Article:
The study also reflected the interesting traits of followers as tender minded, dependent, and sensitive personality traits which makes them vulnerable to get influenced by strong and opposite personality traits. This finding is new since only one study used structured Personality Test. In a study by Pattison, who reported in this regard typical constellation of personality traits, including the use of denial, repression, projection, and disregard of reality. [11] In a study done among tuberculosis patients, majority of patients were emotionally labile, affected by feelings, submissive in nature and tender minded. Followers appear to be significantly introvert, detached and conservative. They are self-indulging and vulnerable to stress since their frustration tolerance is very low as reported by Chaudhary et al. [12] Psycho dynamically it is commonly understood that persons with insecurity, more repressed and unfulfilled desires and traumatic experiences deeply rooted in pathological familial interactions with repressed hostility and feeling of sin or guilt are more vulnerable for suggestive practices (Satija et al). [13]

Faith healers are successful enough to convince the followers that they are the right kind of people to relieve them of their uncontrolled and unexplained problems. The faith healers use various methods to convince these followers like giving tabiz, scarification, witch-crafting, many rituals and spiritual performances etc. Though in the light of modern medical treatments, the methods opted by these faith healers might appear bizarre and inappropriate, but they succeed more due to their communication skills.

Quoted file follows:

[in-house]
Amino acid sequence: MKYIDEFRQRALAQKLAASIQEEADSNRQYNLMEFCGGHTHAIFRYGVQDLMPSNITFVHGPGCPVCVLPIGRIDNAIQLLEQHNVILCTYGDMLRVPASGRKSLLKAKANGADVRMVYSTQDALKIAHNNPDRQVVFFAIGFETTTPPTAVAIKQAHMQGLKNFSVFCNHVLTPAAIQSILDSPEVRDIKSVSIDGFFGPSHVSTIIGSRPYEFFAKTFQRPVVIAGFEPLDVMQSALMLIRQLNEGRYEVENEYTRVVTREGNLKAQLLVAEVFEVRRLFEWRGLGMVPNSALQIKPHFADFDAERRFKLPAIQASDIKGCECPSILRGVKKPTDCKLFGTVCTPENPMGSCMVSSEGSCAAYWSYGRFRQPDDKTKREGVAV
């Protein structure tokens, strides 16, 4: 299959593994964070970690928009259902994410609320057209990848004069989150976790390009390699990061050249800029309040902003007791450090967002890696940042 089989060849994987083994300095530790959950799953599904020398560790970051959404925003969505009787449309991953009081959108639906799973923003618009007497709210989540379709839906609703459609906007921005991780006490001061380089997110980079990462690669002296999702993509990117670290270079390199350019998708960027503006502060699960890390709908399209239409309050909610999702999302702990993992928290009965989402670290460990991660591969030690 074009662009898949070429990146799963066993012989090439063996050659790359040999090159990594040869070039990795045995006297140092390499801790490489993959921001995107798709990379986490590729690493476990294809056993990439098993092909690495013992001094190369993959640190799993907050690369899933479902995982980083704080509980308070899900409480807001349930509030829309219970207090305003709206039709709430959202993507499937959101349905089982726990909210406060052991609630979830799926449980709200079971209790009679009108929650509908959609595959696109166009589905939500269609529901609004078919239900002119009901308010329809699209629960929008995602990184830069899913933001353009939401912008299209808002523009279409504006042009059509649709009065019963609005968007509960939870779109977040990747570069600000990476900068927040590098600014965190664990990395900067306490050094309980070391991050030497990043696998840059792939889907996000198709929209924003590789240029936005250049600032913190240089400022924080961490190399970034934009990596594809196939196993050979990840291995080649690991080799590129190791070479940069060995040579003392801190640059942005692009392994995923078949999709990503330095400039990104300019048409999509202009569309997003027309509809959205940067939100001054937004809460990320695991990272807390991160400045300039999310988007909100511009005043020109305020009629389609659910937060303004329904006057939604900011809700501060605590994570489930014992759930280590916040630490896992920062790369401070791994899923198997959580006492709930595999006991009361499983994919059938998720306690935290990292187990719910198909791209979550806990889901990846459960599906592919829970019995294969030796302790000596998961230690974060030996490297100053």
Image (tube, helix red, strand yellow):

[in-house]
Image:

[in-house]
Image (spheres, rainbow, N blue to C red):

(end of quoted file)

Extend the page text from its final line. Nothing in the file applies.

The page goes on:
One of the major limitations of the study was that the exact outcome of the followers was not studied as they were not followed back for further assessment. This can give us the insight regarding the basis of their belief. Our study was primarily quantitative whereas qualitative study may have unveiled other aspects of this problem.

CONCLUSION

It can be concluded that in view of the vast prevalence of the people seeking these healing practices, it could be said that behavioural scientists should put an effort to incorporate good communication skills & detailed explanation to the sufferers with indigenous style of explanation. The role of social support system, concept of traditional healing and the underlying implications for service delivery are important so that the psychosocial needs of the followers can be understood in a better way. However further extensive studies may be required to establish the theoretical and clinical value of our findings in this work. The results of our study support the need of indigenous concept, better social awareness regarding scientific and evidence-based modalities of treatment of their problems.

DOI: 10.14260/jemds/2019/28

Limitation of the Study

Due to short duration of study, sample size was also calculated by convenience. The results of the study cannot be generalised due to the potential bias and sample size estimation.

REFERENCES